I was just thinking a similar question: Why are there so many restaurants in our neighborhood? Shouldn’t there just be one place to go eat? I have counted a dozen on one street!
Would we be better off with just one big restaurant? I don’t think foodies would agree. Some love Thai, others prefer Italian. The formal dining experience in one place suits some, while others seek a casual night out. Family friendly fast food joints will not attract the fine diners, and fancy plates with a tiny little gourmet morsel in the middle will not be popular with hungry adolescents. Vegans don’t seem to enjoy steak houses. Carnivores don’t always go for quinoa burgers.
The wide choice of restaurants caters to all the varied tastes and moods. There can’t be a one-size-fits-all eatery.
It’s the same with synagogues. Each one presents Yiddishkeit with a different taste and unique angle. There are Sephardi and Ashkenazi variants, shuls that sing and shuls that don’t, informal and intimate communal synagogues and grand pompous ones, kid friendly and mature audience only. Long sermon, short sermon, no sermon. Every community style fills a niche and attracts different souls. Each custom has its customers. This is not factionalism or doubling resources. It is opening doors and giving options.
The Jewish people are made up of twelve tribes. Each had their own slightly different way of praying, and yet we are all one People with one common Torah. Even the Temple in Jerusalem had twelve different gates for each tribe to enter in their own way. But everyone ended up in the same Holy Temple. Every shul, with its unique style, is a gateway to that Temple.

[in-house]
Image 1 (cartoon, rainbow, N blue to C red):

Rabbi Menachem Mendel Bluming and Rabbi Moss
PS. The answer above applies to sizable communities with a critical mass that can sustain many shuls. Smaller communities may not have that luxury. Either way, when we are committed to Torah observance and Jewish unity, we can pray all together or in our own communities and remain one people.
One example is that often one’s passion about Judaism is because they happen to have been born that way but that leads to an important discussion asked of Rabbi Moss and here is his response:
The questioner assumes that I am Jewish by accident. That is false. There is no such thing. The very premise makes no sense.
The postulation “what if I would be born someone else” is as absurd as asking what if a tomato was actually a carrot, or an apple was a Samsung. I am what I am and I can be no one else. My family, my birthplace, my heritage – this is me.
My soul was chosen to be born into a Jewish family. This means that I am the product of thousands of years of Jewishness. I may question it. But it is who I am.
Sometimes a question is a question. And sometimes a question is a cop out. Asking “what if I were someone else?” is an example of the latter.
But even that probably comes from my Jewishness. Questioning our beliefs is an age old Jewish practice we inherited from our forebears. You are born Jewish and you are born questioning. And with all the questions and all the challenges over all the generations, Judaism is still standing strong.
You and I, and all Jews of today, are living testament to the eternity of Judaism. Just by you being you, and me being me.
Rabbi Moss and Rabbi Mendel Bluming
Here’s a thought:
Call him for help.